Stathis Papaioannou wrote:
> Brent Meeker writes:
> 
> 
>>>I don't have a clear idea in my mind of disembodied computation except in 
>>>rather simple cases, 
>>>like numbers and arithmetic. The number 5 exists as a Platonic ideal, and it 
>>>can also be implemented 
>>>so we can interact with it, as when there is a collection of 5 oranges, or 3 
>>>oranges and 2 apples, 
>>>or 3 pairs of oranges and 2 triplets of apples, and so on, in infinite 
>>>variety. The difficulty is that if we 
>>>say that "3+2=5" as exemplified by 3 oranges and 2 apples is conscious, then 
>>>should we also say 
>>>that the pairs+triplets of fruit are also conscious? If so, where do we draw 
>>>the line? 
>>
>>I'm not sure I understand your example.  Are you saying that by simply 
>>existing, two 
>>apples and 3 oranges compute 2+3=5?  If so I would disagree.  I would say it 
>>is our 
>>comprehending them as individual objects and also as a set that is the 
>>computation. 
>>Just hanging there on the trees they may be "computing" apple hanging on a 
>>tree, 
>>apple hanging on a tree,... but they're not computing 2+3=5.
> 
> 
> What about my example in an earlier post of beads on an abacus? You can slide 
> 2 beads to the left, then another 
> 3 beads to the left, and count a total of 5 beads; or 2 pairs of beads and 3 
> pairs of beads and count a total of 5 
> pairs of beads, or any other variation. Perhaps it seems a silly example when 
> discussing consciousness, but the most 
> elaborate (and putatively conscious) computation can be reduced to a complex 
> bead-sliding exercise. And if sliding 
> beads computes 2+3=5, why not if 2 birds and then 3 birds happen to land on a 
> tree, or a flock of birds of which 2 
> are red lands on one tree and another flock of birds of which 3 are red lands 
> on an adjacent tree? It is true that these 
> birds and beads are not of much consequence computationally unless someone is 
> there to observe them and interpret 
> them, but what about the computer that is conscious chug-chugging away all on 
> its own? 

No it's not a silly example; it's just that it seems that you are hypothesizing 
that 
I am providing the computation by seeing the apples as a pair, by seeing the 
beads as 
a triple and a pair and then as a quintuple.  Above, this exchange began with 
you 
posing this as an example of a disembodied computation - but then the examples 
seem 
to depend on some (embodied) person witnessing them in order that the *be* 
computations.  I guess I'm not convinced that it makes sense to say that 
anything can 
be a computation; other than in the trivial sense that it's a "simulation" of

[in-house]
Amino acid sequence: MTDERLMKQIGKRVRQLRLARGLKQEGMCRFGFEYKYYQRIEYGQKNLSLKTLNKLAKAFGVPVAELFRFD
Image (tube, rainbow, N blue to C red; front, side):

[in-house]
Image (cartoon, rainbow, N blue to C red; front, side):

itself. 
  I agree that there is a mapping to a computation - but in most cases the 
mapping is 
such that it seems more reasonable to say the computation is in the application 
of 
the mapping.  And I dont' mean  that the mapping is complex - a mapping from my 
brain 
states to yours would no doubt be very complex.  I think the characteristic 
that 
would allow us to say the thinking was not in the mapping is something like 
whether 
it was static (like a look-up table) and not to large in some sense.

> 
>>>That is what I mean 
>>>when I say that any computation can map onto any physical system. 
>>
>>But as you've noted before the computation is almost all in the mapping.  And 
>>not 
>>just in the map, but in the application of the map - which is something we 
>>do.  That 
>>action can't be abstracted away.  You can't just say there's a physical 
>>system and 
>>there's a manual that would map it into some computation and stop there as 
>>though the 
>>computation has been done.  The mapping, an action, still needs to be 
>>performed.
> 
> 
> What if the computer is built according to some ridiculously complex plan, 
> plugged in, then all the engineers, manuals, 
> etc. disappear. If it was conscious to begin with, does it suddenly cease 
> being conscious because no-one is able to 
> understand it? It could have been designed according to the radioactive decay 
> patterns of a sacred stone, in which 
> case without the documentation, its internal states might appear completely 
> random. With the documentation, it may be 
> possible to understand what it is doing or even interact with it, and you 
> have said previously that it is the potential for 
> interaction that allows it to be conscious, but does that mean it gradually 
> becomes less conscious as pages of the manual 
> are ripped out one by one and destroyed, even though the computer itself does 
> not change its activity as a result?
> 
> 
>>>The physical structure and activity 
>>>of computer A implementing program a may be completely different to that of 
>>>computer B implementing 
>>>program b, but program b may be an emulation of program a, which should make 
>>>the two machines 
>>>functionally equivalent and, under computationalism, equivalently conscious. 
>>
>>I don't see any problem with supposing that A and B are equally conscious (or 
>>unconscious).
> 
> 
> But there is a mapping under which any machine B is emulating a machine A. 

But when is this mapping doing the computing and when is it A or B? It seems 
that 
there must be an isomorphism between A and B processes at the level of an 
algorithm; 
otherwise it is the mapping that is doing the computing, as when B is rock and 
A is 
your brain.

>Figuring out this mapping does not change the 
> physical activity of either A or B. You can argue that therefore the physical 
> activity of A or B is irrelevant and consciousness 
> is implemented non-corporeally by virtue of its existence as a Platonic 
> object; or you can argue that this is clearly nonsense and 
> consciousness is implemented as a result of some special physical property of 
> a particular machine.

Why not as some special property of the algorithm (or the mapping)?

Brent Meeker

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